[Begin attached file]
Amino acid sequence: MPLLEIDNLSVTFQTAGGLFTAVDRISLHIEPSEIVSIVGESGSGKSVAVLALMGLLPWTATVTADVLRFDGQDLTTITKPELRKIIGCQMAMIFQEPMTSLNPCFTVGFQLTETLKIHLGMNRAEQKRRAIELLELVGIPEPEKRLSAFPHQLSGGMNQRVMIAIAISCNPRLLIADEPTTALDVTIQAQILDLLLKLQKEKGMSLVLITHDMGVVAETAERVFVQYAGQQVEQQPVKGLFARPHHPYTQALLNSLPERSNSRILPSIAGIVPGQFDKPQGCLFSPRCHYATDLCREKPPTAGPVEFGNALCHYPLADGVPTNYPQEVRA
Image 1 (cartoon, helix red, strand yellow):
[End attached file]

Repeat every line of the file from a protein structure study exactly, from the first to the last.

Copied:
Amino acid sequence: MPLLEIDNLSVTFQTAGGLFTAVDRISLHIEPSEIVSIVGESGSGKSVAVLALMGLLPWTATVTADVLRFDGQDLTTITKPELRKIIGCQMAMIFQEPMTSLNPCFTVGFQLTETLKIHLGMNRAEQKRRAIELLELVGIPEPEKRLSAFPHQLSGGMNQRVMIAIAISCNPRLLIADEPTTALDVTIQAQILDLLLKLQKEKGMSLVLITHDMGVVAETAERVFVQYAGQQVEQQPVKGLFARPHHPYTQALLNSLPERSNSRILPSIAGIVPGQFDKPQGCLFSPRCHYATDLCREKPPTAGPVEFGNALCHYPLADGVPTNYPQEVRA
Image 1 (cartoon, helix red, strand yellow):